Saturday, December 20th, 2014

Not Quite a Coup

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David Shoalts thinks Gary Bettman is coming out of relocation fiasco smelling like a rose:

The Phoenix Coyotes and the Atlanta Thrashers caused Gary Bettman much embarrassment over the years but the NHL commissioner is once again poised to emerge unscathed.

Bettman would use the gains from the impending sale of the Atlanta Thrashers to recover losses incurred by NHL owners from buying the Coyotes out of bankruptcy and operating the team in the red for the past two seasons. Bettman should have at least $60-million – the reported relocation fee included in the sale price – and possibly up to $90-million or more to apply to the Coyotes, once the pending sale of the Thrashers is completed.

Gary Bettman may deserve credit for making the best of a very bad situation, but he is not emerging from this fiasco unscathed. (That’s only partly because he played a significant role in creating the very bad situation.) This has been – and will continue to be – a disaster in every respect, including financial.

First, the league is conceding defeat in one of the largest American markets. Second, the Phoenix money pit problem has not been solved, merely kicked down the road for a year. If the ownership problem persists, Bettman will have to solve it then without a Winnipeg escape hatch. Third, the NHL did not want Winnipeg for numerous reasons, not the least of which is the perception that Winnipeg is not major league. The league has traded a failed franchise for one that will, at best, be forever marginal.

Finally, it is wrong to ignore the actual costs of this trade. The Shoalts analysis does not consider the fact that in a different universe (one where the Thrashers and Coyotes were thriving) the league would be planning an expansion. If the league did choose Winnipeg via expansion, NHL owners would get to split the $170 MM from True North. Instead of pocketing the expansion fee windfall, Bettman is apparently buying back the franchise rights in Atlanta – worth $0 – for between $80 MM and $110 MM while pouring the other $60-$90 MM down the Phoenix drain.

Gary may have found an answer, but it isn’t a great answer and it is a very expensive one. It isn’t quite a coup.

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Comments

7 Responses to “Not Quite a Coup”
  1. Magicpie says:

    Finally, it is wrong to ignore the actual costs of this trade. The Shoalts analysis does not consider the fact that in a different universe (one where the Thrashers and Coyotes were thriving) the league would be planning an expansion. If the league did choose Winnipeg via expansion, NHL owners would get to split the $170 MM from True North. Instead of pocketing the expansion fee windfall, Bettman is apparently buying back the franchise rights in Atlanta – worth $0 – for between $80 MM and $110 MM while pouring the other $60-$90 MM down the Phoenix drain.

    Come on, seriously? Yeah I suppose in some bizarre alternate universe all these franchises would be thriving the league could be planning an expansion in the foreseeable future. When than bizarre alternate future materializes, it will be fair to criticize Garry Bettman for losing Winnipeg’s potential expansion fee revenue in this deal. But as long as we’re living in this universe saying something like this makes it seem like you’re bending over backwards to blame Bettman for something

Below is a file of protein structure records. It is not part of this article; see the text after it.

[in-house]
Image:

That said I don’t see why Bettman should get that much credit for all this either. As far as I know he wasn’t instrumental in getting the Winnipeg group together or anything, and he wasn’t the driving force behind convincing the Atlanta ownership to sell. The two groups made a deal among themselves based on their own needs, and he basically rubber stamped it. How is this some huge accomplishment on his part?

  2. pop says:

    “Bettman would use the gains from the impending sale of the Atlanta Thrashers to recover losses incurred by NHL owners from buying the Coyotes out of bankruptcy and operating the team in the red for the past two seasons. ”

    That’s like telling a patient he has cancer, but a side effect of the drugs are easier erections.

  3. Tom says:

    Yeah I suppose in some bizarre alternate universe all these franchises would be thriving the league could be planning an expansion in the foreseeable future.

    I think you miss the point. The NHL sold an asset – the right to present NHL hockey in Winnipeg – for $170 MM. They could have sold that and kept the money last year, the year before or next year. They can’t sell it any more. Whet they chose to do with that money is not relevant to the moneypit that is in Phoenix.

    If Bettman split the money from Winnipeg up among the owners and then later taxed it back to pay for Phoenix would anyone suggest they broke even in Arizona?

    • Magicpie says:

      Maybe some communications wires got crossed. What I was trying to say was that since the league has all these failing franchises that it’s barely able to keep afloat, among other reasons, expansion isn’t a realistic possibility in the foreseeable future so its unfair to criticize Gary Bettman for theoretically losing Winnipeg’s expansion fee revenue when this revenue wasn’t going to exist anyway. I wasn’t saying anything about how/where the NHL spends its money.

  4. ColinM says:

    I think the real Coup was dragging $50 Million out of the City of Glendale. Given that there were at least 2 teams in trouble (possibly a 3rd if the Islanders don’t get their new arena via referendum later this Summer), it would have been tempting to call the League out about moving the team.

    They have more trouble spots than they do cities to relocate to.

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